The Ottawa Senior Pride Network (OSPN) began in 2008 at Centretown Community Health Centre (CCHC). CCHC has a long history of supporting queer health in the city. At first, OSPN held meetings with a variety of groups that support or serve seniors. The idea was to talk about how they could help, or work with, our community better. Then, in 2010, with a grant from the New Horizons Program from the Federal Government and a lot of support from CCHC, OSPN held a large community event, Taking LGBT Aging Out of the Closet.
Many people volunteered to help OSPN reach out to isolated seniors and get them connected to community. We built educational programs to work with health care and social service agencies. Some volunteers looked at human rights issues for LGBTQ2+ seniors (50+ years old). We started planning social events like dances and movie nights.
In 2018 OSPN hosted a Visibility in Action Forum. This was a chance for queer seniors to celebrate our vibrancy as a community and shape the future of our network.
When COVID made us cancel all in-person events, a group of volunteers put their heads together and soon had our community connected on Zoom and other systems. Meditation, movies, discussions and coffee dates continued online.
Today, OSPN has over 1,000 members!
We envision a world in which LGBTQ2+ seniors are honoured, actively included in their communities, and have access to appropriate services and facilities when they need them.
Through our network of diverse queer seniors and allies we work to create:
We are committed to human rights, safety, social justice, and social inclusion.
We build on the strengths and resiliency of LGBTQ2+ seniors as active agents in our own well-being.
We value the diversity of the LGBTQ2+ aging community and recognize that people have many identities and may be affected by many forms of marginalization.
We build respectful working relationships with allies and others.
We believe that all queer seniors have a right to culturally-proficient health care and social services.
We are committed to building welcoming and discrimination-free environments for everyone.
We respect people’s right to choose how and when they disclose their sexual orientation and/or gender identity.
OSPN has grown and changed to meet the needs and interests of our community. We have three core streams of activity:
OSPN uses the acronym LGBTQ2+ (lesbian, gay, bisexual, Trans, queer, two-spirit, plus) to respect the diversity in our community and the many ways people define themselves. We use LGBTQ2+ and queer to mean the same thing.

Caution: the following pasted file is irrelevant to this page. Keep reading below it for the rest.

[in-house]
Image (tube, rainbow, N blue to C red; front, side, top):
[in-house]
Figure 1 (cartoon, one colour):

OSPN commissioned local queer designer Glenn Crawford of Jack Of All Trades Design to create its distinctive ‘leaf’ or tree logo. The icon itself represents nature, knowledge, growth and strength: the ‘roots’ of the senior members of the community who built the Ottawa-Gatineau queer community from the ground up in the 1970s and 80s, the ‘branches’ of the community leaders and activists who followed, and the ‘leaves’ who are the future generations who will access OSPN’s services as the needs of the community change. This is a tree of knowledge, a family tree of ‘logical’ family as opposed to ‘biological’ family, in the words of famed author Armistead Maupin.
The eight colours of the OPSN icon reference the original eight-coloured rainbow Pride flag as designed by Gilbert Baker in 1977. Each stripe in his original flag had meanings, as follows. Therefore, the OPSN leaf/tree icon also represents Baker’s original meanings for the flag.
OSPN’s tagline, “Generations of Pride,” reminds our members and allies that our community has been around for many generations, both before and since the modern queer rights liberation movement, and that we will continue to be here for future generations to come.
OSPN pays respect to the Algonquin Anishnaabeg people, who are the traditional guardians of the land on which we live, play and work. We acknowledge their longstanding relationship with this territory, which remains unceded. We pay respect to all Indigenous people in this region, from all nations across Canada, who call Ottawa home. We acknowledge the traditional knowledge keepers, both young and old. And we honour their courageous leaders: past, present, and future.
OSPN has four Strategic Directions to guide its activities from 2020-2023:
1. Find the money and develop supports needed to effectively engage queer seniors and allies to achieve our mission.
2. Promoting affirming and safe health care and community supports is core to OSPN’s mission. This requires continued strategic focus to ensure the needs of queer seniors are addressed as health care and social services keep changing.
3. Increase opportunities for LGBTQ2+ seniors to take part in social events and feel connected.
Developing a strong, connected, visible queer community is core to the mission of OSPN. We focus on finding ways to bring queer seniors together and continue to find spaces where they can meet and become involved.
4. Collaborate to advance the interests of the broader LGBTQ2+ community.
OSPN has built strong relationships, working with partner groups. Our work raises awareness and understanding of the unique needs of queer seniors and helps people and agencies change how they serve us. We also work with other queer-led and queer-serving groups to expand our reach and benefit the broader LGBTQ2+ community.
OSPN’s organizing model leverages the strength and capacity of our community volunteers combined with support from our organizational partners and funders.
Different funders recognize the unique needs of queer seniors fund our core programs and project-based work.